The global shipping industry navigates under a new rule
A new “Charter of Rights” – the ILO Maritime Labor Convention – comes into force, guaranteeing protection for 1.5 million sailors worldwide and fair competition conditions for shipowners.
GENEVA (ILO News) – The Convenio sobre el trabajo marítimo of the International Labor Organization enters into force on August 20, 2013, inaugurating a new era of decent work for sailors and fair conditions of competition for shipowners in the global shipping industry.
“This Convention is a landmark in maritime history,” said ILO Director General Guy Ryder. “It is the result of tripartite dialogue and international cooperation, which facilitates the impulse of decent working conditions and life of sailors, as well as fair conditions for shipowners in the most globalized industries.”
“I ask all countries with maritime interests to ratify it – if they have not yet done so – and urge governments and ship owners to work effectively to apply this Convention,” Ryder added.
The new Convention becomes binding under international law on August 20. For its entry into force, it was necessary to ratify 30 member States of the ILO, representing more than 33 percent of the gross tonnage of the world merchant fleet. To date, they have ratified the Convention more than 45 Member States of the ILO which represent more than 70 percent of the gross tonnage of the world merchant fleet.
The Convention has the full support of the International Transport Workers Federation (ITF), which represents the sailors, and the International Shipowners Federation (ISF), which played a key role during the five years of its development and in the adoption of the Convention during an extraordinary session of the International Labor Conference in 2006.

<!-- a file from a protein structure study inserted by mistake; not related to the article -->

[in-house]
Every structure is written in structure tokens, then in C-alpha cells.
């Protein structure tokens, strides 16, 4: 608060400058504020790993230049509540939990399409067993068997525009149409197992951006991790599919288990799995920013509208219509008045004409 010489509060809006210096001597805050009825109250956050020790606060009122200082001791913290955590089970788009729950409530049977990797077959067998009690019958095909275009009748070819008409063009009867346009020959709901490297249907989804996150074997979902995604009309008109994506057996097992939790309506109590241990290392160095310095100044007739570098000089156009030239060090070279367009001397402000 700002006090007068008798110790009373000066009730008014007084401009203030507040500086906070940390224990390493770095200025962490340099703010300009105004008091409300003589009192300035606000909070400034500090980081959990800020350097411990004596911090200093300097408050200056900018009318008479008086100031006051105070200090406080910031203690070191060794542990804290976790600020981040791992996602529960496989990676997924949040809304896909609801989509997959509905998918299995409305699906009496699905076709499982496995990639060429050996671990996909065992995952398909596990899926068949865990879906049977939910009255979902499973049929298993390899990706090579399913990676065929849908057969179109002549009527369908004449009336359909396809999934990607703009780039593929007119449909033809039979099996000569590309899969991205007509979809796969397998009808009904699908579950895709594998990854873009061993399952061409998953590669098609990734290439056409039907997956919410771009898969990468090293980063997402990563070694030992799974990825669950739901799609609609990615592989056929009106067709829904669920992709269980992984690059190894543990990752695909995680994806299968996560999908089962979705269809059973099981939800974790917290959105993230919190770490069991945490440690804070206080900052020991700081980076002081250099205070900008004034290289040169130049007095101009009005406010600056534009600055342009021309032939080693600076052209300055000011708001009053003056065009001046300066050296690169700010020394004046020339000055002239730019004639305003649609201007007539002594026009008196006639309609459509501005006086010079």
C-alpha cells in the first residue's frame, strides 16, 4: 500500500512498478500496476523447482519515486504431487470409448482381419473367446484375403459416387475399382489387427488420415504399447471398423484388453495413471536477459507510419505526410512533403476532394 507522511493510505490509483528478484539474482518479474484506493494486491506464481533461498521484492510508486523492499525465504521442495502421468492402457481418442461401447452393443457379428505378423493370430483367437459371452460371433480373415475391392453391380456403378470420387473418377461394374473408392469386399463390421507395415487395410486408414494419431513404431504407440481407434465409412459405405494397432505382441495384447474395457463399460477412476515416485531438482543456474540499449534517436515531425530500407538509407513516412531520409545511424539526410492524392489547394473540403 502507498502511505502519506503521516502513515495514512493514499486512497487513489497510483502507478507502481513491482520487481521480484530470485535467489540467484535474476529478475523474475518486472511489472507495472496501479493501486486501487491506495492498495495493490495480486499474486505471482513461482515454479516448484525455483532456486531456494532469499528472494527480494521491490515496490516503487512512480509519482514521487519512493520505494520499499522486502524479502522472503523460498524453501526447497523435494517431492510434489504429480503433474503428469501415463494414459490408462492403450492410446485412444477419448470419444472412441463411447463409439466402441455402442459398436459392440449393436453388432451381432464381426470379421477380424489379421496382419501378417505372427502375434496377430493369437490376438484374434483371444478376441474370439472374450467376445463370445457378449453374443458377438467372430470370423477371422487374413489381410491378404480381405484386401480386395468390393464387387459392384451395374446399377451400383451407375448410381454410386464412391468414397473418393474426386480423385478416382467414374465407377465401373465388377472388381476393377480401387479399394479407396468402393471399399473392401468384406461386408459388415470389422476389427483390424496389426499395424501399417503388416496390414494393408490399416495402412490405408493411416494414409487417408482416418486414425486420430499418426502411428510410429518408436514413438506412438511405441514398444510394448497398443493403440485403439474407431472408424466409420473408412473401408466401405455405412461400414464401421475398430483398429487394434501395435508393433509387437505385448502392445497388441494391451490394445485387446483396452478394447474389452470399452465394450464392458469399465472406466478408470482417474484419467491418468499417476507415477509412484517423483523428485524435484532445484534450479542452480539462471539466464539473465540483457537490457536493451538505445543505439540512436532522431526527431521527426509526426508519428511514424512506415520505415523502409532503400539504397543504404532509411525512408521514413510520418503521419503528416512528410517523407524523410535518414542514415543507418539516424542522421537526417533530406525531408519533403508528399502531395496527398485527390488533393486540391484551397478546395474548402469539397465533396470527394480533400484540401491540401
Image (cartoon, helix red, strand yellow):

The MLC, 2006 also has the support of the International Maritime Organization (IMO), which oversees the global maritime transport sector, responsible for more than 90 percent of world trade. The European Union adopted the necessary directives to give effect to the Convention, while Paris MOU and Tokyo MOU – regional organizations of state control of ports – have adopted guidelines in accordance with the MLC, 2006 to strengthen state port control inspections.
“The entry into force of the MLC 2006 is a unique event in the history of international maritime labor law,” said Cleopatra Doumbia-Henry, Director of the Department of International Labor Standards of the ILO. “It is now up to all to ensure that ratification and legal application are translated into legislation and in practice, so that seafarers can truly benefit from the protection of the Convention and that shipowners that comply with the decent work requirements of the Convention may enjoy the benefits it offers. ”
“It is also urgent to ensure that the ILO member states with maritime interests ratify the Convention,” said Doumbia-Henry. “The ILO will continue to work with governments, with the organizations of the seamen and the shipowners and with other important actors in the maritime industry to contribute to the achievement of the objectives of the MLC, 2006.”
The Convention meets in a single instrument the minimum international standards to guarantee decent work for sailors and, at the same time, help to provide equitable rules of play for quality shipowners operating under the flag of the countries that have ratified the MLC , 2006, by promoting competitiveness through reliable and secure maritime transport. The objective is to ensure that decent working conditions go hand in hand with fair competition.
* On August 20, 2013 the MLC, 2006 will enter into force and become binding under international law for the first 30 countries with ratification registered on August 20, 2012. For all other countries that have ratified it, it will enter into force 12 months after their ratification has been registered.